It’s rare that a film centers on a feminist hero, and even more rare for such a film to meet with rave reviews. But the decidedly feminist Swedish film The Girl with the Dragon Tattoo (based on the internationally bestselling book) drew critical acclaim when it premiered in the U.S. last month, unrated and under limited release.
However, the rave reviews, with their lingering emphasis on the heroine’s tough-girl look and “inexplicable” beauty, didn’t prepare me for the film’s disquieting articulation of intense sexual violence.
Two major reviews of the film (in The New York Times, and Time magazine) neglected to mention that central element, while dedicating more than ample space to dissections of actor Noomi Rapace’s appearance.
Manohla Dargis of the The New York Times describes her at length as “seductive,” embodying “a host of au courant fantasies” and “a fine professional scowler, with cheekbones that thrust like knives and a pout that’s mostly pucker.”
Time magazine’s Mary Pols notes how her Spanish heritage accents the Swedish in her, and that her strong nose and prominent cheekbones make her “inexplicably attractive.”
The critical focus on Rapace’s physical features would be less surprising if Salander were less developed a character, or if the string of sensuous adjectives didn’t belie a central element of the heroine’s persona: She is a survivor of multiple sexual assaults, her gritty appearance crafted to deter, not encourage, men’s advances.
Which is, in small part, why the scenes of sexual violence in this movie are some of the most unsettling I’ve ever seen.
Hollywood has a nasty habit of depicting rape victims as sensuous (if not complicit) women, for whom rape is a logical consequence of either their brazen sexuality or their unfortunate beauty (Jennifer’s Body, Lolita, The Accused, etc.). They are universally attractive, often flirtatious and usually naive.
Salander, on the other hand, is the anti-Hollywood victim. She exudes strength of body and will, not sex and luster. She’s flat-chested, fully-clothed, antisocial and reclusive. She fights back. One fully expects her to face off with the film’s villains but never to be subdued by them. The rape is perhaps as surprising to the audience as it is to the character.
Salander is sexually assaulted twice by her much-older parole officer (she is on parole for unnamed crimes), whose quietly menacing manner is uncomfortably believable. The first time, she submits with a grudging resignation that suggests a chilling familiarity with this scenario. The second time, she is viciously assaulted. While the scene isn’t pornographic, the vehemence of her excruciating struggle renders it horrific enough to still set my heart racing. One feels her desperate determination to be angrier than her attacker is strong, and it’s stunning that her ferocity fails to save her.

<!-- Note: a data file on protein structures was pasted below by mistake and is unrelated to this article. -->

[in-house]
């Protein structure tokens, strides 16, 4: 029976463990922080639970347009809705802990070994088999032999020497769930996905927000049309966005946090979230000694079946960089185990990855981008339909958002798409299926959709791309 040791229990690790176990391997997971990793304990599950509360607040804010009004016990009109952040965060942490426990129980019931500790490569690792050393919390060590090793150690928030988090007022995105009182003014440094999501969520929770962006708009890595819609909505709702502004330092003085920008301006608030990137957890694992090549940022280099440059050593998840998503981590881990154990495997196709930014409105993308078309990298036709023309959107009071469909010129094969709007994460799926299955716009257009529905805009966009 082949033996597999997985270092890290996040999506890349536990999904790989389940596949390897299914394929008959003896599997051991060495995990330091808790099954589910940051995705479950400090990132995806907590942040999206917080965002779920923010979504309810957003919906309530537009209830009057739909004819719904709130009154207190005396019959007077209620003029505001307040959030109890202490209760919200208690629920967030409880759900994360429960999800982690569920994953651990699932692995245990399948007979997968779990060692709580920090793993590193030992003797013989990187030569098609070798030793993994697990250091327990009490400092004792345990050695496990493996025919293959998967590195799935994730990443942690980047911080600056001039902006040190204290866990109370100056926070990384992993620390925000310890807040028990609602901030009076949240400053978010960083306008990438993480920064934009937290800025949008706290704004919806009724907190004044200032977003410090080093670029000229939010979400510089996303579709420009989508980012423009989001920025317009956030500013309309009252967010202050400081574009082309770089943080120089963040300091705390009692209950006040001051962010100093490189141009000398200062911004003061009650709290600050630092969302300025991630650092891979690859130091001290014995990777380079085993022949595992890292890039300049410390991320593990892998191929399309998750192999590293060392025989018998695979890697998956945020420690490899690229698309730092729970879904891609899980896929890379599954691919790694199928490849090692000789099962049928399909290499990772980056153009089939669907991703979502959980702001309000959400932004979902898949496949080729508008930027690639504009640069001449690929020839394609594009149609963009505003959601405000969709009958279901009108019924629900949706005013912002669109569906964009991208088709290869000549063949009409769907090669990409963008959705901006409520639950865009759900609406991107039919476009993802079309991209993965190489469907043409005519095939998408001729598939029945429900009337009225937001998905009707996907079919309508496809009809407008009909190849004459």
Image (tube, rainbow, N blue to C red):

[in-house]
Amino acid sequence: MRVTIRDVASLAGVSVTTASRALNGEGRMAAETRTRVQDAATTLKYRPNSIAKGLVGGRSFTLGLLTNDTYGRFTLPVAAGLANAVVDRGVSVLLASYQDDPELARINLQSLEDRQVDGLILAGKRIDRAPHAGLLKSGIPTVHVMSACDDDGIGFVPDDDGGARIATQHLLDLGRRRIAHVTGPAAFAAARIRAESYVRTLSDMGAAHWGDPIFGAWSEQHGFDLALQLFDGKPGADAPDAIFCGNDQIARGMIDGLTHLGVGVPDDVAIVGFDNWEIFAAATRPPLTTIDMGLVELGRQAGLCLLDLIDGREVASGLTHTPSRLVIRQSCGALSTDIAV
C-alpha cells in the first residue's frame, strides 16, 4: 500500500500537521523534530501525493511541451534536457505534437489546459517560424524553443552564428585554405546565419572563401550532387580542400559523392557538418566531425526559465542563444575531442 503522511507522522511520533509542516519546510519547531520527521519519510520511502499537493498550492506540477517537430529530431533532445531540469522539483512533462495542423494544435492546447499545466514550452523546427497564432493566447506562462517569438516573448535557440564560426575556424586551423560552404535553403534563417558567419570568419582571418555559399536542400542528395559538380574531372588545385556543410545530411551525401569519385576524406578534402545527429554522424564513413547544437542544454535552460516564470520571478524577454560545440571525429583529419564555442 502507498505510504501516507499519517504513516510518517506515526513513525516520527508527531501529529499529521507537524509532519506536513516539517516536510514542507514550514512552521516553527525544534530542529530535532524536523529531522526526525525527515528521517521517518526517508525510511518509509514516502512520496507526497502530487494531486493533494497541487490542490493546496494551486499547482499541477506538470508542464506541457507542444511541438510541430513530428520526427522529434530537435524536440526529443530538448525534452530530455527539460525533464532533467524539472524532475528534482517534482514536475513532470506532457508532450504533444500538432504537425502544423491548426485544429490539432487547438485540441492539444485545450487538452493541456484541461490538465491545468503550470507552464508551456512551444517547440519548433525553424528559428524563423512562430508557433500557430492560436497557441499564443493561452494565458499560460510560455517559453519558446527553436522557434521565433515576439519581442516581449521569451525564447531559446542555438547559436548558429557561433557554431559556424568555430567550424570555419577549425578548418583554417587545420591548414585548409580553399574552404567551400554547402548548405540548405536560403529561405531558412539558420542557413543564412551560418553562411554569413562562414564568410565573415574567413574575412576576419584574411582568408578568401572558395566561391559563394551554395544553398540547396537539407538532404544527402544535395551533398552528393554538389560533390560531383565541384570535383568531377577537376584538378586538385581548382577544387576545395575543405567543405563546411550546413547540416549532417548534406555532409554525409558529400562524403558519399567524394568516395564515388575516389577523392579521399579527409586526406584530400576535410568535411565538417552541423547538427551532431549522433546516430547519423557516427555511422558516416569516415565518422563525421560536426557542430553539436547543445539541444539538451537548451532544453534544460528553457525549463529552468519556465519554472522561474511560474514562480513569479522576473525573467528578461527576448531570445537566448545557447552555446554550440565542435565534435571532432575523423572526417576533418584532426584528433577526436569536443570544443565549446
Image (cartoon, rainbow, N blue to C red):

But she isn’t Hollywood’s conventional rape victim. After some preparation, she returns to the villain’s apartment and tasers, hog-ties and beats him, after which she tattoos the words “I am a sadist pig and a rapist” across his bulbous gut.
All this occurs before the unspooling of the main plot, in which she teams up with a has-been journalist to investigate a series of sadistic rape-homicides that began more than 40 years ago.
As the investigation proceeds, Salander’s status as feminist hero is further secured. She is the one who puts the puzzle together, rescues her partner from harm’s way and sees the villain to his much-deserved end.
As her character develops, we see how her earlier experiences exacerbate her severe anti-social tendencies and fuel her reckless acts of heroism. The violence she has experienced is reflected repeatedly in the other women characters, most of whom have been victims themselves.
Given the movie’s emphasis on exposing and redressing violence against women, reviewers’ emphasis on Rapace’s appearance seems particularly misplaced, as does their omission of the rape scenes.
The New York Times says simply that she “is also a victim of violence.”
Time makes no mention of her victimization at all.
Rolling Stone remarks not on the gut-wrenching depiction of her rapes, but on the disturbing nature of her retaliation, saying, “Lisbeth’s revenge on her abusive guardian … is graphic enough to freeze your blood.” Funny with whom we choose to empathize, isn’t it?
I’m not sure why reviewers—in particular, women reviewers—glossed over the sexual violence. Men writing for major publications (Roger Ebert, Anthony Lane, Michael O’Sullivan) certainly didn’t mince words about the violence. I had thought that a woman would be more likely than a man to reflect upon that disturbing aspect of the film, as we are instilled with the belief that rape is a constant, imminent threat.
Women are taught to take every precaution against being raped; men are never expected to take precautions against committing it. But perhaps rape in movies has become a kind of exception. It is such a trope of mainstream films that it’s unremarkable—an easy way of expressing villainy rather than making a statement about the prevalence of sexual violence in society.
The Swedish novel upon which this film is based was originally published under the title Men Who Hate Women. I prefer this, as it better articulates the sinister dynamics at play. This is not, after all, a story about what women look like (tattooed or otherwise), but about what women are capable of, even when subjected to the worst of men’s depravities.
You may also like:
The coronavirus pandemic and the response by federal, state and local authorities is fast-moving. During this time, Ms. is keeping a focus on aspects of the crisis—especially as it impacts women and their families—often not reported by mainstream media. If you found this article helpful, please consider supporting our independent reporting and truth-telling for as little as $5 per month.